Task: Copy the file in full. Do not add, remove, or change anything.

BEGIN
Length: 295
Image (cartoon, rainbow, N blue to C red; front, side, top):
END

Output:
Length: 295
Image (cartoon, rainbow, N blue to C red; front, side, top):